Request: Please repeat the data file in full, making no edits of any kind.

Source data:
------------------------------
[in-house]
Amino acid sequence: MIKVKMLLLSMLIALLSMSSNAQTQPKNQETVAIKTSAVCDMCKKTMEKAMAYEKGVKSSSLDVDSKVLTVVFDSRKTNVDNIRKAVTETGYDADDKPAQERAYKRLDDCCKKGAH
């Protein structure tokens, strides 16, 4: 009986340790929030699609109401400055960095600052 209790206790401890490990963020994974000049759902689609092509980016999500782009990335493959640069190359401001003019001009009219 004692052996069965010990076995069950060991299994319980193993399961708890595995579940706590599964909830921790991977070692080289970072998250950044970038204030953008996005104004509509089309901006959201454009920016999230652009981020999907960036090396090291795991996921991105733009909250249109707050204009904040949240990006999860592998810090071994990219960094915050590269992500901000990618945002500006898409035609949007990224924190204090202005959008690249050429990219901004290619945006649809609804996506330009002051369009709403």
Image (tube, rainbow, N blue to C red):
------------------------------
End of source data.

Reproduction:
[in-house]
Amino acid sequence: MIKVKMLLLSMLIALLSMSSNAQTQPKNQETVAIKTSAVCDMCKKTMEKAMAYEKGVKSSSLDVDSKVLTVVFDSRKTNVDNIRKAVTETGYDADDKPAQERAYKRLDDCCKKGAH
């Protein structure tokens, strides 16, 4: 009986340790929030699609109401400055960095600052 209790206790401890490990963020994974000049759902689609092509980016999500782009990335493959640069190359401001003019001009009219 004692052996069965010990076995069950060991299994319980193993399961708890595995579940706590599964909830921790991977070692080289970072998250950044970038204030953008996005104004509509089309901006959201454009920016999230652009981020999907960036090396090291795991996921991105733009909250249109707050204009904040949240990006999860592998810090071994990219960094915050590269992500901000990618945002500006898409035609949007990224924190204090202005959008690249050429990219901004290619945006649809609804996506330009002051369009709403």
Image (tube, rainbow, N blue to C red):